What is a network engineer and the career path to becoming one?

The role of network engineer is in demand as it’s crucial to ensuring network infrastructure performs to its highest potential for users. From setting up and developing networks to maintaining, troubleshooting and updating them, these computer science professionals must show skill and diligence.

Optimising network performance in this way can be a fulfilling career and one that represents plenty of opportunity for progression. Whether you’re already working in IT and looking to move roles or planning your route to becoming a network engineer, there are jobs in this field for those with the right skills and education.

What is a network engineer?

A network engineer is someone who designs, implements and maintains computer networks. This area involves being knowledgeable and experienced in everything from network architectures and protocols to understanding how systems communicate with each other.

This area of computer science works to ensure that networks are both efficient and secure. This can be achieved in a number of ways, with the techniques evolving all the time. When network automation has been put in place, it needs to be reviewed by an engineer on a regular basis to ensure it’s still running according to plan.

What are the key concepts of network engineering?

Understanding the key concepts of network engineering and being able to apply them to real-life scenarios is an everyday occurrence. This includes being able to break down the network into manageable and scalable units in a concept known as modularity. Hierarchy builds layers into the network to define device and segment functions.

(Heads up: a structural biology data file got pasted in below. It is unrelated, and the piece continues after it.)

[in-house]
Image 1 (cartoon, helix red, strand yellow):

Redundancy provides the network with backup paths and devices to create alternative routes in case there’s a failure or congestion. A key consideration must be security as all networks are at risk of unauthorised access or threats. Finally, network engineers optimise for speed, reliability and service quality.

What are the duties and responsibilities of a network engineer?

Network engineers have a multifaceted role, but their key responsibilities include:

  • Designing computer networks
  • Implementing networks
  • Troubleshooting for any network issues
  • Resolving issues that come to light
  • Keeping abreast of new security measures
  • Implementing new features to keep networks secure
  • Evaluating network performance
  • Creating plans to upgrade networks
  • Automating networks
  • Documenting configurations
  • Writing reports on network changes

The exact role of a network engineer will depend on the organisation they work for, the level at which they’ve been employed and the job description. A network specialist just starting out in their career will be expected to take on different duties than a senior network engineer with lots of experience.

It’s also worth noting that the exact responsibilities of an engineer are likely to be determined by the size of a company. Large companies with big network engineering companies will likely have different people for network administrator and network analyst roles, whereas smaller businesses may expect one person to oversee everything.

In this way, working within a small team can be a good way to get a good overview of the network engineering department. Often, engineers then decide which areas they’d like to specialise in as they move on with their career.